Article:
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The War Nerd April 29, 2004
 
Most Valuable Weapon: the RPG
By Gary Brecher Browse author Email
 
Page 2 of 3
 
The RPG got its start against our guys in Vietnam. The Viet Cong and NVA used them as squad-level anti-armor weapons, and they were so damn good at it that we never got our money's worth from the tanks and APCs we sent over. Our APC back then was a really lousy dumptruck, the M113 -- basically a light-tank chassis with flat slabs of aluminum on the sides and top.

Sometimes you can see how good a design is just by the way it looks. One look at an M113 and you can see that this was a lousy vehicle. It was about as tall as Yao Ming, which meant it was a real big target. The aluminum armor didn't have firing ports, so the soldiers inside just had to put their helmets over their balls, close their eyes and hope the crew would open the hatch and let them out ASAP. The armor was just thick enough to slow the thing down, but not nearly enough to stop an RPG round. Which is no surprise when you know that an RPG armor-piercing round can penetrate 300mm of rolled steel -- more than a foot of steel. Not a bad punch for such a little weapon to pack.

GIs who'd seen what an RPG hit could do to an M113 got in the habit of saying, "I'll walk, thanks." The RPG warhead does something called "spalling," which means the warhead turns the aluminum side armor of an APC into molten shrapnel which goes zipping through the guts of everybody inside like a Benihana chef's knife, only it's a knife as hot as the surface of the sun.

If GIs in Nam did have to ride an M113, they wore a lot of St. Christopher medals and sat on top. They were a lot less scared of getting shot by a sniper than of being hit by an RPG sitting inside.

We had nothing like it and still don't. We had the LAW, another shoulder-fired rocket originally designed to penetrate armor, but it wasn't nearly as easy to carry, because it didn't have the reuseable launcher the RPG featured. If you wanted to throw a dozen rockets at an enemy bunker, you had to carry a dozen LAWs along, whereas the RPG gunner needed just one launcher and a sack full of warheads.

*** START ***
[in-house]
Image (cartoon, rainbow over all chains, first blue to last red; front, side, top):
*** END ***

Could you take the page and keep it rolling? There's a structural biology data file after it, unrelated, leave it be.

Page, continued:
Nam was just the beginning of the RPG's career. Just think back to Mogadishu 1993. The whole Blackhawk Down mess happened because some Afghan Jihadis who'd retired to Mogadishu -- guess it was nice'n'restful compared to Kandahar -- showed the Somalis how to use the RPG-7 as an anti-aircraft weapon, which its Russian designers never even thought of. The RPG was the key to the whole battle that ended up killing 18 Ranger and Delta guys (Jeez, remember when 18 GIs dead was supposed to be "unacceptably high" losses?), getting us to bug out from Somalia, and getting Ridley Scott's directing career back on track.

First the Somali RPG gunners, firing up from the streets where they'd dug holes to channel the big rocket backblast, hit our Blackhawks, bringing them down in the maze of slums. That drew our troops into the slums, where everybody from toddlers to grandmas started potshotting them with AKs.

The Afghans worked out how to use RPGs as AA back in the 80s, fighting the Soviets. I guess it was a little bit of poetic justice that the first helicopters to get brought down were Russian. The Afghans didn't have much to use against choppers except captured Russian heavy 14.5 cal. machineguns, which didn't have enough punch to bring down the Mi-24. And Reagan, the wimpiest hawk that ever flew, waited five long years to give the Mujahideen the Stingers that could take down an Mi-24 every time. So the Afghans started playing around with using the RPG against Russian CAS.

They came up with some great improvisations. There's nothing like war to bring out the inventor in people! One thing the Afghans figured out was how to use the self-destruct device in the warhead to turn the RPG into an airburst SA missile. See, the RPG comes with a safety feature designed to self-destruct after the missile's gone 920 meters. So if you fire on up at a chopper from a few hundred meters away, at the right angle, you get an airburst just as effective as SA missiles that cost about a thousand times more.


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Gary Brecher
Browse author
Email Gary at war_nerd@exile.ru, but, more importantly, buy his book.
 
 
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